Review: Direct Action – Halifax Backpack
The Direct Action Halifax is one of the backpacks long anticipated by the tactical and outdoor community. Being teased already during IWA in 2018, it still took some time for Direct Action to finally get the pack released on the market. Needless to say, everyone was pleased to finally get a look at it. Matej of Perunika and I decided to take a closer look at the Halifax as well. But not only at the pack itself, but also the MKII Utility Panel, which will be the topic of another review.
With that being said, let’s just jump right into the overview and specs, before going into more detail.
The Direct Action Halifax backpack is a 40l patrol pack, which aims to be capable for various mission roles (patrol, medical, breacher, radio). Featuring a full clamshell design with plenty of velcro/velour lining and PALS/MOLLE attachment points, this pack is primarily designed for the military sector, while at the same time having some relevance for the civilian market as well.
Featuring two top pockets, an internal mesh pocket as well as two elastic side pockets, the Halifax gives ample room to distribute gear. While featuring no extensive internal organisation for EDC items, the pack leaves plenty of room for individual modifications.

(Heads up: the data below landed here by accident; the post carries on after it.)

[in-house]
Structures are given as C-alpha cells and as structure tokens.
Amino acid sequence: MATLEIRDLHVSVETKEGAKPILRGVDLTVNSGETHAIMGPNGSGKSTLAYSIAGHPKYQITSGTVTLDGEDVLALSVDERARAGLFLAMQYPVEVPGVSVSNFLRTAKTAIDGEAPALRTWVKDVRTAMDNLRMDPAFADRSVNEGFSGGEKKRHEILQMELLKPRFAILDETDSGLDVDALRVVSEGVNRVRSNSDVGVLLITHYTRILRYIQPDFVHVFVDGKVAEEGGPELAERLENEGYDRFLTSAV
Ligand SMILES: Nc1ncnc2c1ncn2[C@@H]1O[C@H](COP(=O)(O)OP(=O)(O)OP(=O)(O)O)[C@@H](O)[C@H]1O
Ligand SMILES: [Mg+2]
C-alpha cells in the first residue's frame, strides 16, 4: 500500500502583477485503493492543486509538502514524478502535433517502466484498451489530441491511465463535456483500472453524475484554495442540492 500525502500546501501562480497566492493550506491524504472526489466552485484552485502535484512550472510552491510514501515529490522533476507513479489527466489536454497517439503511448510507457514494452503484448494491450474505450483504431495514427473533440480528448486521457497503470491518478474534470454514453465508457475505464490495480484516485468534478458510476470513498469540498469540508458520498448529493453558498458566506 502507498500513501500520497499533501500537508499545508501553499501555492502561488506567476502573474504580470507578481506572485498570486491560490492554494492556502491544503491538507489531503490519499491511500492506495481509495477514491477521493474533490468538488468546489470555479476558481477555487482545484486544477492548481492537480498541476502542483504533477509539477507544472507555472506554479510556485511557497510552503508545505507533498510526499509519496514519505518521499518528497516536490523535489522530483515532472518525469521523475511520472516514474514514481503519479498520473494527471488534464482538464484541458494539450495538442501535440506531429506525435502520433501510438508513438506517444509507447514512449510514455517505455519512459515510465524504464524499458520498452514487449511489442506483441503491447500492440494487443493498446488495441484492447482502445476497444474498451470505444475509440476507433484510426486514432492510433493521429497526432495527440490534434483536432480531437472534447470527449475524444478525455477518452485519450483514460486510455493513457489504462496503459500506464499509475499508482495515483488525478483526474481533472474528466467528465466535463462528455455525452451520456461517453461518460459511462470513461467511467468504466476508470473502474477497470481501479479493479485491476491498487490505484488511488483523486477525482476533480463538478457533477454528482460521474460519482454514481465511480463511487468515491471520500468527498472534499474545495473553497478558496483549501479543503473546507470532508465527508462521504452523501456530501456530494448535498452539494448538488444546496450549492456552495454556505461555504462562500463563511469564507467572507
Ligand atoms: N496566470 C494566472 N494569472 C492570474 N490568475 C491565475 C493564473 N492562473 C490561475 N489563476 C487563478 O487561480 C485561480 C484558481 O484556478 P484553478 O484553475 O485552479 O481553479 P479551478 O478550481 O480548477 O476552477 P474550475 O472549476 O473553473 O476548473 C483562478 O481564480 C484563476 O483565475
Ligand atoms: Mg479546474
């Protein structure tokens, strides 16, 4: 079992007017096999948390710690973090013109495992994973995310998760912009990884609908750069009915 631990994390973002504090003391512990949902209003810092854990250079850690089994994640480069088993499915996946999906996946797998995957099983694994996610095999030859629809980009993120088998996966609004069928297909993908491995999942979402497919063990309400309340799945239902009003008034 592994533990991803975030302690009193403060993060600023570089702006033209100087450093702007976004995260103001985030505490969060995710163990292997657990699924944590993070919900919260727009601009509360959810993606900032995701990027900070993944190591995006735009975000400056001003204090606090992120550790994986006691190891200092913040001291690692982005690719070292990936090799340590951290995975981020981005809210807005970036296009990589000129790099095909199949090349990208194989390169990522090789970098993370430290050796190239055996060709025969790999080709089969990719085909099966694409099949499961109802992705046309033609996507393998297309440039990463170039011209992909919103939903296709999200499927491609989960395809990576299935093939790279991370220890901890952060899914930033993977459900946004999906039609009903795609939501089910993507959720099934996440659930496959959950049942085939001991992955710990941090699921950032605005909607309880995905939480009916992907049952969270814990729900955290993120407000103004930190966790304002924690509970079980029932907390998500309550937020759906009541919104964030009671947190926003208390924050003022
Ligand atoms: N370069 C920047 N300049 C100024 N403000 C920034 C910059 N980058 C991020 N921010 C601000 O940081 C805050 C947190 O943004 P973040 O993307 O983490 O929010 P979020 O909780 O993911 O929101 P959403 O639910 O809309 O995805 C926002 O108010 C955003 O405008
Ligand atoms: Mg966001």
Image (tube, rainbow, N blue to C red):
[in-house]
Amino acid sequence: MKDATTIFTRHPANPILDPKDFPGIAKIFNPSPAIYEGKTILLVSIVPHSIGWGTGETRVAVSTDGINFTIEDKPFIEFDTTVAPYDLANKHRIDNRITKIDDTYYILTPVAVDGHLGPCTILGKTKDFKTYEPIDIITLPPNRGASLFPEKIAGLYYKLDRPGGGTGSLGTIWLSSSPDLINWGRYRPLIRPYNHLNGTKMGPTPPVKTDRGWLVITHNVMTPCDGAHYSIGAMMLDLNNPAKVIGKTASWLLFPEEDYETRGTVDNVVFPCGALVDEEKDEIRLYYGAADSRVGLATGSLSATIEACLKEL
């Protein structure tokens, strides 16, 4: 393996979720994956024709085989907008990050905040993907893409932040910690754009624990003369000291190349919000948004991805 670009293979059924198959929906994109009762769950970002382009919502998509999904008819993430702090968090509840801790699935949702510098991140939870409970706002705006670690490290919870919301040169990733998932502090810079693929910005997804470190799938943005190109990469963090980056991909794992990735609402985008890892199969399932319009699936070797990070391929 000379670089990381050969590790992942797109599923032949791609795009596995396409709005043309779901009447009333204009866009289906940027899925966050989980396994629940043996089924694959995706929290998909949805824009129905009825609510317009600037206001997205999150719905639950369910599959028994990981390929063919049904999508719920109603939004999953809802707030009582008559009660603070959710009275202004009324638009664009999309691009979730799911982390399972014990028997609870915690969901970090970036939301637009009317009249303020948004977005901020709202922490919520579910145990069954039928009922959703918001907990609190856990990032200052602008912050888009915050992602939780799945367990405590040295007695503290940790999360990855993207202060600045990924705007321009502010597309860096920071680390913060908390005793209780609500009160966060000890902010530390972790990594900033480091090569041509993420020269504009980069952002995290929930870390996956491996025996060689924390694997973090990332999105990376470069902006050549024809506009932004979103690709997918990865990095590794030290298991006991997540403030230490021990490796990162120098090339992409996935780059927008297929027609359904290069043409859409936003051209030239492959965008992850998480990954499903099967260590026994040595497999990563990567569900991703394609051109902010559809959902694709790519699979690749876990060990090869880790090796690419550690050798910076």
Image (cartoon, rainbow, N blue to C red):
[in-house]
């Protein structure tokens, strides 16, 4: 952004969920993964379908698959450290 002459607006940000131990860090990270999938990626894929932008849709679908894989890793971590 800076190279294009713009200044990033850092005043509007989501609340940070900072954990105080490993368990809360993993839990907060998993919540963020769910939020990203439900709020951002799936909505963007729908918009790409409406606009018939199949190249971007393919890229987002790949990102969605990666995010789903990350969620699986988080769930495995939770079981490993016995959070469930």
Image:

- HxDxW: 63cm x 20cm x 31cm
- Weight: 2kg
- Materials: 500D Cordura, YKK zippers, WoJinn hardware
- Volume: 40l
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Direct Action Halifax Backpack
Main compartment and topside pockets
The Direct Action Halifax backpack is a full clamshell design which can be opened by a sturdy #10 YKK two-way zipper. This zipper is protected by a flap on the lower quarter of the pack.
Looking at the main compartment one can see it is fully lined on all sides with hook velcro, which is the softer velour type, and therefore can be modified with a variety of hook velcro based accessories. The top of the front flap features a zippered mesh compartment.
You can also find a bigger, fully lined compartment on top, perfectly suited for items that need a little bit of protection. The other pocket on top is velcro lined on only one side and can be modified as well with admin type hook inserts.
The backside of the main compartment features laser-cut PALS/MOLLE, and is also velcro lined. As a result one can not only use velcro based inserts here, but also any MOLLE type pouches, panels and the like.
A zippered compartment to the backside provides room for the frame sheet, but also features an opening near the webbing loop. This loop opens/closes with a small buckle and provides a secure hold for any hydration bladders. It is up to the user, where he/she stores the bladder, the above mentioned compartment for the frame sheet might be a bit too tight for it.
Openings on the left and right provide tunnels to the outside, in order to put any cables or the tubes of your hydration bladders through. These openings are neatly hidden and reinforced with heavier stitching.